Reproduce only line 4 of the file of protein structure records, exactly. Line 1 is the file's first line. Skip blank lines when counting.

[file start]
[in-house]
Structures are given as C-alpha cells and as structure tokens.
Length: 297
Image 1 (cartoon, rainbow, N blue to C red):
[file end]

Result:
Image 1 (cartoon, rainbow, N blue to C red):